Sohrai, the biggest festivals of Santhals in the Indian state of Jharkhand, is celebrated during the same time when the Hindus celebrate Diwali. The morning after Diwali, the Adivasis across Jharkhand celebrate their festival — Sohrai. It is celebrated when the paddy has ripened and is about to be harvested. Thus it is connected with the origin of agriculture.
In this two-day festival, the cattle and their God — Pashupati — are worshiped to ensure the fertility of the land and the subsequent harvest. Cattle helps in crop cultivation and hence it is worshiped. The name Sohrai is derived from a paleolithic age word — soro, meaning to drive with a stick.
On the first day, the cattle are sent to the fields in the morning to graze, while in their absence, the womenfolks of the house decorate the huts by painting them. Meanwhile, food is prepared which would later serve as prasad after the puja. In night, they light earthen lamps (diyas) in the cattle-sheds.
Upon returning, the cattle are warmly welcomed, their horns anointed with oil and vermillion. Garlands made by strewing paddy strands are tied across their foreheads. When the puja gets over, the prasad is distributed among the household members and neighbours. The cattle then rest for the day.
Next day, sohrai people worship their cattle-shed. They bring some paddy strands from their paddy field, which they use in the worship. After worship they tie those plants to animal’s horns. In the afternoon, amid the loud sound of drums, the cattle are taken to an open field where they are let loose for games and recreational purposes.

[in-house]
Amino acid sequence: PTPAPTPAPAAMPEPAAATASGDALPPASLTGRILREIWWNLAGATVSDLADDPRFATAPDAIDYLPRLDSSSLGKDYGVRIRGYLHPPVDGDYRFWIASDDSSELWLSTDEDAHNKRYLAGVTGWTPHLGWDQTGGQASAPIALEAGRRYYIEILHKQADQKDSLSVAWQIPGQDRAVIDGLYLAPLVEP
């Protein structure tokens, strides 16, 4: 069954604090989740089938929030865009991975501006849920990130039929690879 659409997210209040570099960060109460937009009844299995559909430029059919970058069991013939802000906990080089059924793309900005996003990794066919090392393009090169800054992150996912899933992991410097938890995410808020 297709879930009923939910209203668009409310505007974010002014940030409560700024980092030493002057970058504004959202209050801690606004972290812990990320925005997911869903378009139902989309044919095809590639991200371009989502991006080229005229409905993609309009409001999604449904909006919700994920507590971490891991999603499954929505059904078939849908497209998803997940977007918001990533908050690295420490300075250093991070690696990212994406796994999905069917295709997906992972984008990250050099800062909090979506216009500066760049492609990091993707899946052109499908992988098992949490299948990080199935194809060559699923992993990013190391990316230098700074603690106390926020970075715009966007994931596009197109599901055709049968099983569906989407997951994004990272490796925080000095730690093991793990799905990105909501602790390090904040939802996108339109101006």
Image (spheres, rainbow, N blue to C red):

According to an ancient Santhal mythology, Marang Buru (God of mountain), Jaher ayo (Goddess of forest) and the elder sister of the santhals, would descend on earth from heaven to pay a visit to their brothers and to commemorate this event, the harvest festival is celebrated at this time and women decorate their walls with murals of sohrai arts. These paintings are believed to bring good luck. It’s from here that Sohrai art originated, adding to the culture and traditions of India.
Sohrai art form is ritualistic art done on mud walls to welcome the new harvest and also to celebrate the cattle. This art form is monochromatic as well extremely colourful.
These colourful paintings are done totally by using natural pigments mixed in mud — Kali matti, Charak matti, Dudhi matti, Lal matti (Geru), and Pila matti. Artists use datoon (teeth cleaning twig) or cloth swabs daubed in different earth colours to paint on the walls — bulls, horses with riders, wild animals, trees, lotuses, peacocks, and horned deities. Sohrai paintings are considered to be good luck paintings.
Sohrai art form is said to be following upon the similar patterns and styles once used to create Isko and other rock arts in the region like Satpahar in Hazaribagh district. This art form was prevalent mostly in caves but now has been primarily shifted to houses with mud walls.
Isko cave contains Lower Palaeolithic deposits and deep underground caves inhabited by humans during the ice ages, leaving one of the richest collections of the Middle Palaeolithic stone tool industry in South Asia. The rock art has been dated by leading experts to the meso-chalcolithic period, so it is anywhere between 7000 and 4000 BCE. There is an earlier level of rock art that could be much older. This art form has thus been continuing since ancient times.
It’s good to see that Jharkhand government has taken initiatives and have painted the government boundary walls in the capital city of Ranchi with Sohrai art to give encouragement and publicity to this ancient tribal art form. A tribute to a dying art could not have gotten any better.